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Thoughts about the relationships between transport and the urban area it serves

Archive for September 2nd, 2008

Exports jump at L.A., Long Beach ports but imports falter

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LA Times

This has been covered here fairly recently, but bolsters the argument that the Port expansion for import containers is simply unnecessary.

Woes on the waterfront

Imports have recorded sharp declines at major ports. Figures are for top West Coast ports from January through July, compared with the same period of 2007, for the equivalent of 20-foot cargo containers.

Los Angeles

* Imports: 2.4 million, -5.5%

* Exports: 1.1 million, +23%
* Empties*: 986,000, -24.2%

Long Beach

* Imports: 1.9 million, -12.7%
* Exports: 1.1 million, +23.2%
* Empties*: 849,000, -27.4%.


* Imports: 470,000, -5.3%
* Exports: 560,000, +8.8%
* Empties*: 172,000, -26.4%


* Imports: 376,000, -6.5%
* Exports: 304,000, +22.1%
* Empties*: 117,000, -22.1%


* Imports: 405,000, -13%
* Exports: 279,000, +1.6%
* Empties*: 91,000, -37.4%

Source: LA Times research

*Empty containers returned overseas

There are some other points worthy of note

the export boom overshadows a deep pullback in U.S. consumer spending.

Imports are down so much that the twin ports are on pace to record their second straight year of declines in overall international trade. That hasn’t happened in at least 30 years, despite a handful of national recessions along the way.

The slowdown has hit almost every harbor in North America.

Of the 10 busiest seaports that are tracked every month by the nation’s largest retailers for signs of congestion, only two are doing more business than last year. One is Vancouver, Canada, which is serving an economy much healthier than that of the U.S. The other is Savannah, Ga., which is winning market share as the first big East Coast stop for cargo headed north from the Panama Canal.

And Savannah will benefit a lot from the widening and deeepening of the new Panama Canal. There is also of course the long running story of Prince Rupert and its link to the US midwest, which involves a key seat in Chicago which straddles a short line called the EJ&E which CN wants to buy and use to avoid the congestion of Chicago’s rail hub, and where Presidential candidate Barack Obama has been making promises. Politicians in the US being concerned about citizen protests on the impact of freight through their neighbourhoods (at least prior to elections). Something not seen in this region.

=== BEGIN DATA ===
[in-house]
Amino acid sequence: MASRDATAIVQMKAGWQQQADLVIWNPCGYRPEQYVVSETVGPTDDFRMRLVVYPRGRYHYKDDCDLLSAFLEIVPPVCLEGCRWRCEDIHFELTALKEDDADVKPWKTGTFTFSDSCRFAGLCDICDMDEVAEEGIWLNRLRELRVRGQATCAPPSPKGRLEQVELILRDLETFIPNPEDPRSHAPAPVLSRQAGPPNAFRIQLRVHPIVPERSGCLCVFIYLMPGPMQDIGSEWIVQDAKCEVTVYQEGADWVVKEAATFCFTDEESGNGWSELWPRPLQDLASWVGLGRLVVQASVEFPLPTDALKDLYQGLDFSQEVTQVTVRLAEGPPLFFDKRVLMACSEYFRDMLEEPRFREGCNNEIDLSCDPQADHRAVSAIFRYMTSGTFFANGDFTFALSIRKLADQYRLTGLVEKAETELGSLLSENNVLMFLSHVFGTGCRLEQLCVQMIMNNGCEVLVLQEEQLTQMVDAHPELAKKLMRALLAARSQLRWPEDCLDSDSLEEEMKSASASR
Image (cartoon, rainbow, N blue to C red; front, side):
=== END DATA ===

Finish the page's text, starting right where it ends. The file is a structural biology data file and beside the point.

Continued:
Note too, as an aside, that Vancouver is not seen as serving the US market!

Written by Stephen Rees

September 2, 2008 at 12:36 pm

Posted in Gateway, Transportation

Tagged with

Taking taxis not easy for visitors to Vancouver

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Vancouver Sun

Last year, Kevin Falcon was inconvenienced when a taxi refused to take him to Surrey. So he brought in the taxi passengers “charter of rights” which obliges taxi drivers to do what they have always been obliged to do under the law. Which has made not the slightest difference to anything.

Now Kevin seemingly has not had time to take a cruise this year, so presumably he is unaware of the two hour waits that those poor unfortunates have been forced to endure at the cruise ship terminals. So both (port CEO) Gordon Houston and (Mayor) Sam Sullivan are trying to put the pressure on the provincial Passenger Transport Board to increase the number of taxi licenses.

This is not a new issue by any means – at least ten years to my direct knowledge, and actually much longer as the records of the PTB and its predecessor the MCC will show. And there is no mention of that in this short piece. So there is no analysis here of why this situation has arisen or why it persists, or indeed what the impact is on people, who live here all the time and are not just passing through but have too much luggage to use an airport shuttle bus.

Taxis are actually used by people who cannot drive – often for a combination of physical as well as economic issues. They are very important to people with disabilities, who have to use them simply because handyDART is so inadequate. People on low incomes who cannot afford a car will often use a taxi to help bring home the weekly groceries. So taxis are not just the preserve of the wealthy, the business travellers at the airport or the late night drunks who are sufficiently compos mentis not to drive themselves home.

The reason why more licenses are not issued is that existing licences have a high market value – simply because they are in short supply. Often the license holder no longer needs to drive a taxi (an uncertain source of income at best) because they make so much from renting out their licences. And this group is very well connected politically, and the legislation under which taxis operate has always favoured them. Issuing more licences would devalue the existing ones, and that is an economic impact that the licensing scheme is designed to protect. And despite a long history of studies, nothing much is going to change, as long as some key constituencies depend on the ability of some groups to turn out the vote. That is a political reality that never gets mentioned in any of the reports produced on the topic, because it is too difficult for any politician to tackle head on.